Spirituality is grave stuff. Incredibly smart people with many letters after their names study spirituality and the nature of God. They have read millions of books and use words that have six syllables. Spirituality is to be taken very seriously. God is very, very solemn.
How long has it been since you considered the ridiculous nature of a rhinoceros? They are huge and funny-looking, and their tusk is in between their eyes. They serve no true purpose and look awkward! I mean, really, why is the tusk in between their eyes? I sometimes wonder if the Father and Son were playing a game that the rhino lost on day five of creation.
All over creation lies evidence of God’s playful nature. It wasn’t efficient to have flowers of so many colors. It’s not necessary to have so many varieties of rain. Who designs each individual snow flake? Playful puppies, dancing dolphins, and scurrying squirrels are all evidence of God at play. So why do human adults find it so hard to be playful? Why do we assume life is meant to be serious all the time? Rabbi Rami Sharpiro says, “As a child, awe and wonder come naturally to you, but as these are institutionalized they become work rather than play, and hence much harder to achieve.”
We adults take life, and therefore spirituality, to be so very important that it must be institutionalized. Spiritual growth is tracked, planned, predicted, and structured by our limited understanding. Then it becomes work, instead of wonder-filled. So, I would like to suggest one spiritual discipline that is likely missing from your life: PLAY.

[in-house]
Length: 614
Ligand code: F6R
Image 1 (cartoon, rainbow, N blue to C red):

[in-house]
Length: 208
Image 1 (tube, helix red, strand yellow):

How long has it been since you raced across damp grass barefoot simply to feel your legs pump?
When was the last time to you were on a swing trying to touch a cloud?
How old is too old to skip instead of stroll?
Have you ever danced wildly to your favorite music until you were sweaty and laughing?
Play invites us to be beginners, to be adventurous and curious. So often, we expect ourselves to know all the answers before we ever start because we are adults. But really, what tough questions are there to answer about playing? Risk, dare, try something new. Revel in the unknown. Choose wonder!
Play invites us to be grounded in our physical bodies. Rather than keeping our spiritual experience in our minds, play reminds us that bodies are good and holy things, too. Heart pumping, lungs working, muscles moving, face smiling. These were named very good on day six, and incarnation reminds us that bodies are holy. How long has it been since you engaged your body as good? Choose to awe at God’s creation of you!
Play invites us to stop achieving, or trying to improve our position. Instead, we are invited to simply be in the moment for the moment’s sake. This exact moment is a gift from God. It is not just a building block toward your next goal. Choose joy in the right now!
Stop reading. Go outside. Play Ring around the Rosie. Ride your bike for fun, instead of a workout. Blow some bubbles. Draw with sidewalk chalk. Skip to your car. Play!